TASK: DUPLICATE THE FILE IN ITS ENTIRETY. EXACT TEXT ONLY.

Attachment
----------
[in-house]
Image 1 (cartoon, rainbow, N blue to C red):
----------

[in-house]
Image 1 (cartoon, rainbow, N blue to C red):